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  • "MIT's Novel Fabrics See the Light"
    EurekAlert (10/14/04)

    MIT researchers have created new optoelectronic fibers that can be woven together into new types of light-sensitive computer interfaces and multifunctional textile fabrics. "The technique we developed allowed us to bring together two disparate technologies: Those involved in creating optical fibers and those for electronic components," said team leader Yoel Fink about the work that appeared in the Oct.14 issue of the journal Nature. The fibers allow researchers to control the interactions between photons and electrons in a woven fabric framework. There are two types of fibers showcased in the team's research: One conducts electrons and photons simultaneously by surrounding a hollow, mirror-lined optical core with metal microwires, while the second fiber is a type of photodetector that reacts to external light; when light shines on the fiber, it increases the flow of electrons in a cylindrical semiconductor core surrounded by four metal microwires, which in turn is encased in an optical cavity structure. Fink says this photodetector fiber could be integrated into large computer displays that sense user input via a laser pointer or other light beam. The fibers were created using optical fiber-type pulling methods: First, a macroscopic cylinder was created with the same structure as the end product, but without the functionality since the components were not shrunk to touch each other. When the cylinder was heated and drawn in a furnace, the conductor, amorphous semiconductor, and high-glass transition thermoplastic insulator all scaled appropriately in geometry so that the desired contact and properties are exhibited. The research was funded by the Defense Department and National Science Foundation.
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  • "New Tack Wins Prisoner's Dilemma"
    Wired News (10/13/04); Grossman, Wendy M.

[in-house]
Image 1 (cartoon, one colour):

A team of Southampton University researchers led by computer science professor Nick Jennings and Ph.D. student Gopal Ramchurn has triumphed over 222 competitors in the 2004 Iterated Prisoner's Dilemma contest. The Prisoner's Dilemma, a game theory puzzle for two players, is described by Jennings as "a canonical problem of how to get cooperation to emerge from selfish agents" in a scenario whereby two accomplices are arrested and separately interrogated by the police, who offer them the choice of confessing or keeping quiet. The Iterated Prisoner's Dilemma is a variant of the traditional game in which the choice is repeated over and over, enabling players to evolve a cooperative strategy by recalling their previous moves. The long-standing champion of the competition was the Tit for Tat strategy, in which a player consistently cooperates with other players in its first move, and subsequently copies the other players' actions. The Southampton team, which specializes in software agent research, submitted 60 strategy programs designed to carry out an established sequence of five to 10 moves by which they could identify each other; once identification was confirmed between two Southampton players, one player would sacrifice itself so the other could win repeatedly. But if an opponent was identified as a non-Southampton player, the Southampton player would defect. The original Prisoner's Dilemma banned communication between players, but since the Iterated Prisoner's Dilemma contest permitted noise, the Southampton players were programmed to signal their intentions to each other in Morse Code. "Our initial results tell us that ours is an evolutionarily stable strategy--if we start off with a reasonable number of our colluders in the system, in the end everyone will be a colluder like ours," explains Jennings.